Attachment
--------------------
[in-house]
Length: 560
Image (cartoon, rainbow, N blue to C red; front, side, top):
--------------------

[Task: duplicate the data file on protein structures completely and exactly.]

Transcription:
[in-house]
Length: 560
Image (cartoon, rainbow, N blue to C red; front, side, top):